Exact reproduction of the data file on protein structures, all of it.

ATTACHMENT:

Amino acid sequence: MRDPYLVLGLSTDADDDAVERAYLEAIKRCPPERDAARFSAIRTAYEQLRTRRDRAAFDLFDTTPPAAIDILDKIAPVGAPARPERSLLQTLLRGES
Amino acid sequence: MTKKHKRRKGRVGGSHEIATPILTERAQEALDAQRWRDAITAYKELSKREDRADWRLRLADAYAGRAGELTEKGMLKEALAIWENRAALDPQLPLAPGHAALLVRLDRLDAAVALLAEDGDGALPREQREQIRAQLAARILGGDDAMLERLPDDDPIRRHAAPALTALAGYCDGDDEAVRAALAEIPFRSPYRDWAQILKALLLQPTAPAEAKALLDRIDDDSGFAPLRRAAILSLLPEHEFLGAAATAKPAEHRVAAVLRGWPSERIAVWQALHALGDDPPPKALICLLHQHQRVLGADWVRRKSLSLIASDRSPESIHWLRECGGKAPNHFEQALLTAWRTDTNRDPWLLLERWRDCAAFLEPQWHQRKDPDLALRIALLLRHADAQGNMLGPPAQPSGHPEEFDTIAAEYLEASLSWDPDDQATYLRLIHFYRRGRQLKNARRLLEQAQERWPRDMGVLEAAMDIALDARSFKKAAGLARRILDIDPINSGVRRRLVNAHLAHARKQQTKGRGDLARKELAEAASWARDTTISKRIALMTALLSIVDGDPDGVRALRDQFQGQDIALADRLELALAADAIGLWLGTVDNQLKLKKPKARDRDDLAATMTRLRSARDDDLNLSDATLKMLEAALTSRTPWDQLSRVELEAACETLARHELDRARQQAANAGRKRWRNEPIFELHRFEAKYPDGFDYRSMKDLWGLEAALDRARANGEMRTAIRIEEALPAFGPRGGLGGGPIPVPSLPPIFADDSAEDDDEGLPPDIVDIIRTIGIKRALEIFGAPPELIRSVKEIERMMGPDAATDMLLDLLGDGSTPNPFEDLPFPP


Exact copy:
Amino acid sequence: MRDPYLVLGLSTDADDDAVERAYLEAIKRCPPERDAARFSAIRTAYEQLRTRRDRAAFDLFDTTPPAAIDILDKIAPVGAPARPERSLLQTLLRGES
Amino acid sequence: MTKKHKRRKGRVGGSHEIATPILTERAQEALDAQRWRDAITAYKELSKREDRADWRLRLADAYAGRAGELTEKGMLKEALAIWENRAALDPQLPLAPGHAALLVRLDRLDAAVALLAEDGDGALPREQREQIRAQLAARILGGDDAMLERLPDDDPIRRHAAPALTALAGYCDGDDEAVRAALAEIPFRSPYRDWAQILKALLLQPTAPAEAKALLDRIDDDSGFAPLRRAAILSLLPEHEFLGAAATAKPAEHRVAAVLRGWPSERIAVWQALHALGDDPPPKALICLLHQHQRVLGADWVRRKSLSLIASDRSPESIHWLRECGGKAPNHFEQALLTAWRTDTNRDPWLLLERWRDCAAFLEPQWHQRKDPDLALRIALLLRHADAQGNMLGPPAQPSGHPEEFDTIAAEYLEASLSWDPDDQATYLRLIHFYRRGRQLKNARRLLEQAQERWPRDMGVLEAAMDIALDARSFKKAAGLARRILDIDPINSGVRRRLVNAHLAHARKQQTKGRGDLARKELAEAASWARDTTISKRIALMTALLSIVDGDPDGVRALRDQFQGQDIALADRLELALAADAIGLWLGTVDNQLKLKKPKARDRDDLAATMTRLRSARDDDLNLSDATLKMLEAALTSRTPWDQLSRVELEAACETLARHELDRARQQAANAGRKRWRNEPIFELHRFEAKYPDGFDYRSMKDLWGLEAALDRARANGEMRTAIRIEEALPAFGPRGGLGGGPIPVPSLPPIFADDSAEDDDEGLPPDIVDIIRTIGIKRALEIFGAPPELIRSVKEIERMMGPDAATDMLLDLLGDGSTPNPFEDLPFPP